12 articleOcean Turbulent Dynamics at Superresolution From Optimal Multiresolution Analysis and Multiplicative CascadeIEEE Transactions on Geoscience and Remote Sensing5311June 2015, 12
 13 articleMicrocanonical multifractal formalism: a geometrical approach to multifractal systems. Part I: singularity analysisJournal of Physics A: Math. Theor412008, URL: http://dx.doi.org/10.1088/17518113/41/1/015501
 14 articleMotion analysis in oceanographic satellite images using multiscale methods and the energy cascadePattern Recognition43102010, 35913604URL: http://dx.doi.org/10.1016/j.patcog.2010.04.011
12.2 Publications of the year
International journals
 15 articleTransparent experiments: releasing data from mechanical tests on three dimensional hydrogel sphere packingsGranular Matter221February 2020, 21
 16 article Formation of the Musca filament: evidence for asymmetries in the accretion flow due to a cloudcloud collision Astronomy and Astrophysics  A&A October 2020
 17 articleRobust Detection of the NorthWest African Upwelling From SST ImagesIEEE Geoscience and Remote Sensing Letters2020, 14
 18 articleDefining Lagrangian coherent vortices from their trajectoriesPhysics of Fluids321January 2020, 016602
 19 articleStructurePreserving Denoising of SAR Images Using Multifractal Feature AnalysisIEEE Geoscience and Remote Sensing LettersJanuary 2020, 15
 20 article Permuted Spectral and Permuted SpectralSpatial CNN Models for PolSAR Multispectral Data based Land Cover Classification International Journal of Remote Sensing 42 3 2020
International peerreviewed conferences
 21 inproceedings Multiscale coastal surface temperature in the Bay of Biscay and the English Channel EGU 2020 General Assembly Vienna, Austria May 2020
 22 inproceedings Scaling and anisotropic heterogeneities of ocean SST images from satellite data EGU General Assembly 2020 Vienna, Austria https://www.egu2020.eu/ May 2020
Reports & preprints
 23 misc Discovering Causal Structure with ReproducingKernel Hilbert Space εMachines November 2020
Other scientific publications
 24 misc Description of turbulent dynamics in the interstellar medium: multifractal/microcanonical analysis Grenoble / Virtual, France October 2020
12.3 Cited publications
 25 book Ondelettes, multifractales et turbulence Paris, France Diderot Editeur 1995
 26 book Modeling Complex Systems NewYork Dordrecht Heidelberg London Springer 2010
 27 articlePredictability: a way to characterize complexityPhysics Report356arXiv:nlin/0101029v12002, 367474URL: http://dx.doi.org/10.1016/S03701573(01)000254
 28 articleReconstruction of epsilonmachines in predictive frameworks and decisional statesAdvances in Complex Systems14052011, 761794URL: https://doi.org/10.1142/S0219525911003347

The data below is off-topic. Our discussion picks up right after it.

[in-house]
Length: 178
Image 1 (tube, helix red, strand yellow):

29 article Stochastic Texture Difference for ScaleDependent Data Analysis arXiv preprint arXiv:1503.03278 2015
 30 book Chaos and coarse graining in statistical mechanics Cambridge University Press Cambridge 2008
 31 articleMultiscale entropy analysis of complex physiologic time seriesPhysical review letters8962002, 068102
 32 articleBetween order and chaosNature Physics812012, 1724
 33 articleInferring statistical complexityPhysical Review Letters6321989, 105
 34 articleAbout the role of chaos and coarse graining in statistical mechanicsPhysica A: Statistical Mechanics and its Applications4182015, 94104
 35 articleMeasures of statistical complexity: Why?Physics Letters A238451998, 244252
 36 book Timefrequency/timescale analysis 10 Academic press 1998
 37 inproceedingsMixed LICORS: A nonparametric algorithm for predictive state reconstructionArtificial Intelligence and Statistics2013, 289297
 38 book Entropy and information theory Springer Science & Business Media 2011
 39 articleMultifield visualization using local statistical complexityIEEE Transactions on Visualization and Computer Graphics1362007, 13841391
 40 book Statistical physics, statics, dynamics & renormalization World Scie,tific 2000
 41 articleGeneralized statistical complexity measures: Geometrical and analytical propertiesPhysica A: Statistical Mechanics and its Applications36922006, 439462
 42 bookFrom Statistical Physics to Statistical Inference and BackNew York Heidelberg BerlinSpringer1994, URL: http://www.springer.com/physics/complexity/book/9780792327752
 43 inproceedingsBlind construction of optimal nonlinear recursive predictors for discrete sequencesProceedings of the 20th conference on Uncertainty in artificial intelligenceAUAI Press2004, 504511
 44 articleQuantifying SelfOrganization with Optimal PredictorsPhys. Rev. Lett.9311Sep 2004, 118701URL: https://link.aps.org/doi/10.1103/PhysRevLett.93.118701
 45 book Sparse Image and Signal Processing: Wavelets, Curvelets, Morphological Diversity ISBN:9780521119139 Cambridge University Press 2010
 46 articleDetecting Strange Attractors in TurbulenceNon Linear Optimization8981981, 366381URL: http://www.springerlink.com/content/b254x77553874745/
 47 article Revisting multifractality of high resolution temporal rainfall using a waveletbased formalism Water Resources Research 42 2006